Ancient, Living Hawaiian Faith and Practice


About Kanenuiakea

Statement of Purpose

We are an earth religion, believing that all life is sacred, and naturalistic in our celebrations of the immanence of the sacred in all of life, especially seeing God in nature. Almost every Hawaiian word, place name, sign or symbol points us to and reminds us of the sacred. All manifestations of great power (
mana), love (aloha) and righteousness (pono) are honored and reverenced. These manifestations can be thought of as the elements of the divine in its manifoldness. We call these sacred elements akua, God, for everything is from Kane and within Kane. Scholars would call this Panentheism (see the later writing of Paul Tillich). However, I‘o is the divine mystery that is absolutely transcendent—absolute, formless, beyond human description, the "god beyond god." The term is so sacred is our tradition that it is seldom used, yet it arises from the spiritual experience of our mystics from the depths of silence. Scholars would call this Mysticism.

We acknowledge others’ worship, and because we are inclusive of all truths, we see no reason for one to have only one faith or religion. We are universalists in our faith and practice. In fact, there were other supreme deities in the religious traditions of ancient Hawaii – Kane, Kanaloa, Ku, Lono, each with worshippers who saw one manifestation or its symbol as supreme.

We are also an oral tradition, without a sacred book of divine origin authored by or quoted from a God in a human language. Our prayers and chants are of human origin, memorized and passed down for centuries, coming with us on our long, open-ocean journeys. In fact, that may be where our religion developed in our double-hulled canoes. Kanenuiakea further evolved in the
aloha of long voyages on the open ocean where the practicality of sharing, cooperating, respecting, conserving the resources, and “managing the rolling beauty of time” (ka‘ananiau) all came together in our faith and practice. These values helped us turn this island canoe into a garden paradise, our ‘āina (land). Our ‘āina was self-sustaining before Western contact as we preserved and shared our natural resources.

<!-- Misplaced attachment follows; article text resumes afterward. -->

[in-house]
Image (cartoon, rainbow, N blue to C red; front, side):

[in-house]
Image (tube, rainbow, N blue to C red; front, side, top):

Code of Practice

Ua kapu ke ola na Kane. All life is sacred to Kane. Kanenuiakea never involved blood sacrifice, which came with Ku worship from Kahiki in the 12th century. All life is sacred; we are a religion of peace and peacemakers.

The following
values summarize the principles of Kanenuiakea: aloha, ‘ohana, ‘āina, mālama, pono, kuleana, kōkua, mo‘olelo, lōkahi, mahalo, ho‘ola, and ho‘okupu. These values translate superficially as love, family, land, care/relationship, righteous/balance/harmony, responsibility/privilege, mutual assistance, stories/beliefs/traditions, peace/harmony, gratitude/blessing/prayer, healing/giving life, and respect/giving/growth.


As previously stated, persecution drove Hawaiian indigenous religion underground, including Kanenuiakea. The genuine tradition has been oral and
huna, and it is still a living oral tradition passed from generation to generation. There are numerous oli (chants) to Kane, according to Kumu (teacher) Glen Kila, of which he has been given only a portion to use and preserve. Other kahuna (priests) have responsibility to preserve their portion of the tradition. We are now hoping to archive and share our deeper culture and religious practice with the world.

Some of the oral tradition has been written down by others, usually those who have not been initiated to practice and preserve the chants in the traditional way. (Kanenuiakea is not to be confused with religious and commercial misappropriations of Hawaiian indigenous religion.)

That being said, values, principles and practices of Kanenuiakea can be seen in these books:
He Kumulipo [The Kumulipo translated by Queen Liliuokalani, 1897].
Ka Wai a Kane [The Water of Kane, unwritten Literature of Hawaii, by Nathaniel B. Emerson, 1909]
Mo'olelo o na Po Makole [Tales of the Night Rainbow]. A family story of Kane people on Moloka‘i.
Malcolm Nâea Chun,
No Nâ Mamo: Traditional and Contemporary Hawaiian Beliefs and Practices (Univ. of Hawaii Press, 2011).
John Charlot,
Classical Hawaiian Education: Generations of Hawaiian Culture (The Pacific Institute, 2005)
John Charlot,
A Kumulipo of Hawaii‘i (Academia Verlag, 2014)


Koa Ike (www.koaike.org)
Marae Ha‘a Koa (www.maraehaakoa.org)
The International Association of Religious Freedom. IARF membership: (https://iarf.net/members/north-america-2/)
First Unitarian Church of Honolulu (http://www.unitariansofhi.org). Partnership: (http://www.unitariansofhi.org/photos-kanenuiakea)